Influenza in Birds

Bird flu, or Avian flu, is an illness in birds caused by type A influenza virus. The form that passes to humans is an H5N1 strain known sometimes as Asian bird flu. In 2008, some experts expressed concern about an outbreak of this flu among humans due to increasing numbers of infected individuals since 2003, as well as the high mortality (approximately 60 percent) among the few hundred who were confirmed to be infected. Most cases were confined to Asia and the Middle East, with no confirmed cases in birds or humans in the United States (see

The origin of the word “influenza” is Italian, specifically in 1743 (Oxford Dictionary), the location of the first reported influenza epidemic. The first historical cases of avian flu were also in Italy, among chickens in 1878, which was called fowl plague (SFGate). In 1997, chicken flocks were once again in danger from the virus, this time in Hong Kong, with another outbreak in 2003.

The outbreak of influenza among birds was extensive in the first decade of the 21st century and resulted in the culling or death of thousands of birds by 2008. Because the transmission of the specific strain was not found to occur between people, birds were the reasonable culprit for the nearly 400 human infections that occurred between 2003 (when surveillance started, confirmed human cases did not appear until 2005) and 2008 (, and the additional ~100 that occurred between 2008 and 2010 ( However, these numbers are very low as some human populations live in close contact with poultry and wild fowl.

The first human cases of bird flu in the 21st century were documented in the open farm markets of Vietnam, China, and Indonesia. In 2005, the World Health Organization (WHO) laid the origin of human infection at the feet of birds, specifically their droppings. The ingestion of bird feces contaminated food or contact with feces contaminated objects and surfaces is thought to be the point of spread to humans. Wild waterfowl are the natural reservoir of avian type A influenza viruses and may also be responsible for the spread of H5N1 bird flu.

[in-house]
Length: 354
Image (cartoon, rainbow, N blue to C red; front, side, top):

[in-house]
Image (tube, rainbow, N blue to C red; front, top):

The theory is that, as infected wild birds migrate, they share type A influenza viruses with domestic populations across the globe, as well as native wild birds in other regions, causing avian flu. The domestic birds then spread the virus among human inhabitants when it mutates enough to infect the human respiratory epithelium, causing Asian bird flu. However, some dispute that migratory pathways are to blame and offer a theory about airplane travel, which would allow human carriers to spread the disease. What is currently known about the ability of H5N1 to infect humans (based on a genetic analysis published in The Lancet in 2008, see the BBC for a synopsis) does not indicate that this is possible. Meanwhile, the migration theory is supported by the deahts of 6000 migratory birds that began at the Qinghai Lake nature reserve in central China in late April 2005. Accumulated evidence also pointed to the virus following trade routes, likely among birds being transported for sale.